Originally published on June 2, 2000 and brought to you today as a time capsule.
In an effort to help thwart attacks by the Internet’s equivalent of petty thieves, the Systems Administration, Networking and Security Institute (SANS) has published a “Top 10 List” of the most popular ways hackers gain illegal access to network servers and computer systems.
The SANS list accounts for “probably 70 percent of the attacks occurring on the Internet,” said the institute’s director of research, Alan Paller. “As soon as the first large organization has fixed the first 10, we will release the next 10.”
On the Rise
Hackers cost U.S. corporations US$266 million last year, double the losses suffered during the previous three years. Cybercrimes being investigated by the U.S. Federal Bureau of Investigation (FBI) have more than doubled in the past year. The number of reported incidents in the private sector has soared from 3,700 in 1998 to 8,300 in 1999, according to a recent report by the Computer Emergency Response Team (CERT) at Carnegie Mellon University in Pittsburgh, Pennsylvania.
Ninety percent of those who responded to a CERT survey, mostly large corporations and government agencies, indicated some form of security breach last year and 70 percent reported serious breaches, such as financial fraud, denial-of-service attacks and data theft.
In response to security concerns, President Clinton convened an Internet security summit earlier this year after several incidents adversely affected some of the Internet’s most popular sites.
The SANS report found that most hackers gain access through a limited number of methods. “A few software vulnerabilities account for the majority of successful attacks because hackers are opportunistic — taking the easiest and most convenient route,” the report said. “They count on organizations not fixing the problem and they often attack indiscriminately by scanning the Internet for vulnerable systems.”
While most of the SANS cyber-loopholes are already known to system administrators, the list shows them which security concerns should be made a priority.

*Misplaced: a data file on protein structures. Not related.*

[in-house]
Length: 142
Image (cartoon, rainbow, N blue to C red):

According to the report, the biggest security problems were found with the Berkeley Internet Name Domain service, a system used to tie domain names to a numerical Internet addresses. The popular resource was found to have vulnerabilities in about half its installations.
The “common gateway interface,” known as CGI scripts, ranked second on the list of security concerns. CGI scripts are designed to add interactivity to a Web site. Third on the list is the use of “remote procedure calls,” a technique that enables one computer to carry out programs on another. Hackers used this flaw to tap into hundreds of U.S. military servers.
Other problems making the dubious list involve security flaws in e-mail servers, Microsoft’s Internet Explorer Web software and the frequent use of easy to break passwords.
The institute developed its report after consulting with almost 50 Internet security experts from a variety of government and private agencies. SANS officials admit, however, that it is far from a complete list. One recent survey by a British firm revealed that as many as 60 new computer vulnerabilities are found every month.
“The list could ultimately prove to be an important economic factor for e-commerce,” said Paller. “The insurance industry may use this list as a foundation for whether the company can be insured.”
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